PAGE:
A variation on the found-footage genre, this latest horror is set in real-time on the main character’s computer screen. So at least this attempts to offer us something a bit different to a tired and overrun genre. But is it any good?

A year after their classmate Laura committed suicide following online bullying, Blaire (Shelley Hennig) and friends are Skyping each other when they notice an anonymous user under the name billie227 is listening in on their conversations. Their attempts to get rid of the user don’t work, and the user starts writing Facebook messages from Laura’s account. Soon the unknown user starts revealing the groups secrets and it becomes apparent that billie227 wants to hurt everyone involved in Laura’s death.

It’s an interesting concept at the centre of Unfriended, having all the action on one person’s computer. What could have been tedious actually works quite well. The film starts off slow as we are introduced to the main characters, none of who are particularly likeable. Even the victim Laura seems to have been a bully before a vicious video of her was leaked. But this is a film more about the concept than character. It also manages to keep your attention as you try to work out exactly what they did to Laura and what billie227 is planning to do to them. There are some good deaths and scares involved too. There’s some dark humour to help relief some of the tension considering it goes to some dark places with subjects such as teen suicide and bullying.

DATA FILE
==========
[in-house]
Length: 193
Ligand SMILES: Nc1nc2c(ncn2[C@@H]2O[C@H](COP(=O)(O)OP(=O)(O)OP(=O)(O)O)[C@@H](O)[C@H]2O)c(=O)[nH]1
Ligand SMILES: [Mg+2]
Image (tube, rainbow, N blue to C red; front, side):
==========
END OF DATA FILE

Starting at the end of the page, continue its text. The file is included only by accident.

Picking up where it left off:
Some may say the real horrors in the movie is how the characters treated Laura and each other over the internet, with the focus on cyber-bulling. Posting abusive comments and videos on social media is something that has grown over the past couple of years so it’s good to see a film that’s directed mainly at teenagers address this issue. The teens here feel realistic with their actions, believeing they can say whatever they want on the internet and not thinking about the consequences. I don’t expect it will have much effect on it’s intended audience but it’s still good to see a horror film reflecting what teenagers are currently up to (except for the ghost part-probably) and how it has adverse affects on others.

It’s thankfully short enough not to outstay it’s welcome or make it’s format become too gimicky. Sometimes being stuck on the screen does feel limiting although the film tries to show different mediums such as facebook, skype, google and even chatroulette. Unfortunately with having characters so unlikeable it made it hard to care if they lived or died. The constant explaining technology terms to Blaire is also annoying, I know they have to explain certain things to the audience but it was a bit clunky.

Rating 3/5 – a twist on found-footage horror that takes a simple idea and provides some decent scares and food for thought


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